Current vs. voltage properties of a diode
A diode is a two-terminal electronic component that conducts current primarily in one direction A semiconductor diode's current–voltage characteristic can be tailored by selecting the semiconductor materials and In , Thomas Edison observed unidirectional current between heated and unheated elements in a bulb. As such, you can not simply look up the resistance of a diode and use "Ohm's Law" to determine the relationship between voltage and current. A forward-biased diode conducts current and drops a small voltage across it, of the P-N junction's inherent exponential current/voltage relationship and thus.
A diode's I—V characteristic can be approximated by four regions of operation: At very large reverse bias, beyond the peak inverse voltage or PIV, a process called reverse breakdown occurs that causes a large increase in current i. The avalanche diode is deliberately designed for use in that manner. In the Zener diodethe concept of PIV is not applicable. A Zener diode contains a heavily doped p—n junction allowing electrons to tunnel from the valence band of the p-type material to the conduction band of the n-type material, such that the reverse voltage is "clamped" to a known value called the Zener voltageand avalanche does not occur.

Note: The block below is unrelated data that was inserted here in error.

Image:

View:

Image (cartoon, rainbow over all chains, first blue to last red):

Both devices, however, do have a limit to the maximum current and power they can withstand in the clamped reverse-voltage region.V-I characteristics of p-n junction diode
Also, following the end of forward conduction in any diode, there is reverse current for a short time. The device does not attain its full blocking capability until the reverse current ceases. For a bias less than the PIV, the reverse current is very small. However, this is temperature dependent, and at sufficiently high temperatures, a substantial amount of reverse current can be observed mA or more.
There is also a tiny surface leakage current caused by electrons simply going around the diode as though it were an imperfect insulator. With a small forward bias, where only a small forward current is conducted, the current—voltage curve is exponential in accordance with the ideal diode equation. There is a definite forward voltage at which the diode starts to conduct significantly.
This is called the knee voltage or cut-in voltage and is equal to the barrier potential of the p-n junction. This is a feature of the exponential curve, and appears sharper on a current scale more compressed than in the diagram shown here.
At larger forward currents the current-voltage curve starts to be dominated by the ohmic resistance of the bulk semiconductor. The truth is, nothing has a fixed resistance. Even your humble quarter watt resistor will change resistance when it warms up and as it ages. If you think this is just he opinion of one man, you would be right, his name is Georg Simon Ohm Chances are you have never actually read his workor if you read German, the original version.
If you ever do, and, at pages or antiquated English and electrical terminology, I warn you, it is a very hard thing to read, you will discover that he indeed covered non-linear devices and, as such, they should be included in Ohm's Law.